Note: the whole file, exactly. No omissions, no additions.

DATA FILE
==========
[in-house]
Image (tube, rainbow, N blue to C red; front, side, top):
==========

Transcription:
[in-house]
Image (tube, rainbow, N blue to C red; front, side, top):